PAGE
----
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Agree with Jim, tough for us to say. There are not many pontiac builders around, the guy that has your engine may or may not be one.
No matter what, your at someone's mercy, especially if your not well versed in engine building. You should have done some homework before hand. Get your engine back if they have not taken it apart and tell them you have to think about it. Then ask all the questions you need.
 

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Everyone is on your side and just don't want you disappointed because it's a shit ton of money, I never heard of a contract for a motor either, you put a deposit down and if you don't pay in the end he keeps it like PJ said. I also never heard of a quote on hours, they know how long it takes for each operation and unless they run into a big problem or you ask for a special porting job then maybe an hourly rate comes into play. My build sheet from Butler says x amount for disassembly and x amount for assembly and even a price for a certain porting job and x amount for dyno, no hours that it took. As said before this ain't no Chevy motor so I would ask how many ponchos has he built, and 140 miles is nothing to have a real Pontiac builder do it. Not trying to scare you or be rude just opinions that are trying to help you in this big decision 馃憤
 

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I do my own assembly work but am not a machinist. In 2019, I freshened up the '68 383 SBC that was in my Corvette that had been built up about 40 years earlier using a 400 SBC crank and rods, with forged pistons, Crane cam, etc. It had been raced and oval tracked in the dirt and had wiped out rings but ran well. Just had 30% leakdown in every hole.
I tore it down and had the following done: cylinders torque plate-honed, crankshaft polished, oil and freeze plugs replaced, rods checked and sized, new piston rings, heads lightly milled and full valve job, balance assembly, and turn the billet steel flywheel. New bearings, complete Fel-Pro gasket set.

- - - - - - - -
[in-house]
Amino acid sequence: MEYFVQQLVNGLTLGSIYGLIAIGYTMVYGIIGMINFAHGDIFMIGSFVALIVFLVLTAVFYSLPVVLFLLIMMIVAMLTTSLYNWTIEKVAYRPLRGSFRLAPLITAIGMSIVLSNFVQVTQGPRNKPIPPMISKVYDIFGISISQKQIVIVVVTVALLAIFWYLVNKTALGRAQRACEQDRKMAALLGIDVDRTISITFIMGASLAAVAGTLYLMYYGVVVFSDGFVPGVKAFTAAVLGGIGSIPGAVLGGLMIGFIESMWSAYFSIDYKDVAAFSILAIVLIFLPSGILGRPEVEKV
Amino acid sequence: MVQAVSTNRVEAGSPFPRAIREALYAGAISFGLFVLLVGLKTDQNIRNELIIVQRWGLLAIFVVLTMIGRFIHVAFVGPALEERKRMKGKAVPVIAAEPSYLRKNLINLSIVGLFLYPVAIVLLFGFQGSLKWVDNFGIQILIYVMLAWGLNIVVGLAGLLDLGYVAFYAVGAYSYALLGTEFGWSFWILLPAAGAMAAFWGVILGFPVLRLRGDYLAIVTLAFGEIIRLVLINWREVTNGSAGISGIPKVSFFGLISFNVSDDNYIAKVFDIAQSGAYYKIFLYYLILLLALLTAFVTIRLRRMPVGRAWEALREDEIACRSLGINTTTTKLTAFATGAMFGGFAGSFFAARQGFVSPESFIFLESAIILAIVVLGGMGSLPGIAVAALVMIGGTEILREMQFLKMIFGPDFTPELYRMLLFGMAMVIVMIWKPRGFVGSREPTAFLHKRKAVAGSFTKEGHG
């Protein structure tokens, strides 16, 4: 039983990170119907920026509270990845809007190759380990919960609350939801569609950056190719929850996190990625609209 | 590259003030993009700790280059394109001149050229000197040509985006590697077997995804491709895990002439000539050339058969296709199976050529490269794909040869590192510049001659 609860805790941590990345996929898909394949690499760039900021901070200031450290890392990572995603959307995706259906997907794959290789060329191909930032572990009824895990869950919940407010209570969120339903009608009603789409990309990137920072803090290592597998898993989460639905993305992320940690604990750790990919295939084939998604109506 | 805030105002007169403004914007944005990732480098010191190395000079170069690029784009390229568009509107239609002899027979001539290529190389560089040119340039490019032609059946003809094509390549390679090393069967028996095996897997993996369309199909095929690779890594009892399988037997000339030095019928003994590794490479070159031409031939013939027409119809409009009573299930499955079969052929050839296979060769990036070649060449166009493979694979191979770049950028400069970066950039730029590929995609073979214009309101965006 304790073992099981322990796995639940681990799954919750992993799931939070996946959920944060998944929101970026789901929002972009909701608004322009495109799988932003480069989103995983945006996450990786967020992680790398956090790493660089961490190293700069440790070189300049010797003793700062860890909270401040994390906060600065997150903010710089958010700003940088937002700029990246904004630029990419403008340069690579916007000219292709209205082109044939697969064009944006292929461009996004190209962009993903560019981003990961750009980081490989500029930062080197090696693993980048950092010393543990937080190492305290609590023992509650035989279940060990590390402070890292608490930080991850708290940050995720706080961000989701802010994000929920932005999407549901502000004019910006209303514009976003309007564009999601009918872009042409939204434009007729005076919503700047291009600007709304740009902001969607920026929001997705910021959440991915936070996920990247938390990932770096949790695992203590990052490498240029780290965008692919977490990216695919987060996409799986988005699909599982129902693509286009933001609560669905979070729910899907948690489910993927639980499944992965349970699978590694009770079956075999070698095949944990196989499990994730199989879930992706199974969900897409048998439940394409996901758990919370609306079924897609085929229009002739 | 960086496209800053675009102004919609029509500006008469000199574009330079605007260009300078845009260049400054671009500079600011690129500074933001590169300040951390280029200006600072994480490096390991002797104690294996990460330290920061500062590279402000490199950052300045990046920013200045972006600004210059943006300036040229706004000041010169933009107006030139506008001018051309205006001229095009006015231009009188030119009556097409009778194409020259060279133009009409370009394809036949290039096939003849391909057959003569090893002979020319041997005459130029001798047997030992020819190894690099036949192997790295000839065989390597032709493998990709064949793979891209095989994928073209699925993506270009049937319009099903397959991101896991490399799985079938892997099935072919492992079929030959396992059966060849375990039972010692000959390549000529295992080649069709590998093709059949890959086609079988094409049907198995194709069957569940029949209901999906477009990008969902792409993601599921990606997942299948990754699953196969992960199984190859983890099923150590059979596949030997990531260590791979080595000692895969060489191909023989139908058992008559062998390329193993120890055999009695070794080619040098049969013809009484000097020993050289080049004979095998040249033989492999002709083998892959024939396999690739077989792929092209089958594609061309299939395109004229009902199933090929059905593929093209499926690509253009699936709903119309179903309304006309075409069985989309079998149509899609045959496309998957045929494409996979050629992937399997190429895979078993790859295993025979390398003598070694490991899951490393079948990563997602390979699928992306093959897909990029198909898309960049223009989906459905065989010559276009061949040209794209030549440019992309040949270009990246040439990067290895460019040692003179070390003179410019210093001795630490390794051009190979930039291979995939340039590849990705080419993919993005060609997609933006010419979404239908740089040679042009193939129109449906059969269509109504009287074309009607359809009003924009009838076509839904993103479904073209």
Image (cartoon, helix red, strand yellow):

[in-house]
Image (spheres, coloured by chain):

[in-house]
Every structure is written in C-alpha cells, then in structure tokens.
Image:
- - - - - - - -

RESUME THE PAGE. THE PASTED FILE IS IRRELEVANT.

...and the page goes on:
My total cost was $700 and my man-hours were about 20. the machinist spent less than that. Caveat: small block Chevy parts are MUCH cheaper than Pontiac parts. But the cost of the machine work should be about the same.
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I'll add: see all the red silicone on the oil pan gasket on the teardown pic? I must have pulled a teaspoon of that crap out of the oil pick-up. None was used on the re-assembly. Just Gaskasinch / Indian Head gasket shellac and Toyota black form-a-gasket sealer. Ultra gray is great as well (permatex)
 

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I'll add: see all the red silicone on the oil pan gasket on the teardown pic? I must have pulled a teaspoon of that crap out of the oil pick-up. None was used on the re-assembly. Just Gaskasinch / Indian Head gasket shellac and Toyota black form-a-gasket sealer. Ultra gray is great as well (permatex)
i quit using cork gaskets on small block chevys 20 yrs ago switched to gm single piece silicone with steel liniter made in use 4 spots of weather strip glue to hold in place never had one leak out of 20 plus engines . the make them for gen 1 and 2 small chev
 

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11 grand for a rebuild seems a little high , custom forged pistons not needed for a stock rebuild maybe if you were going to buzz the motor or were shooting for big horsepower my machine work was 2500 for all rods shouldnt need to be resized unless youve spun a bearing
 
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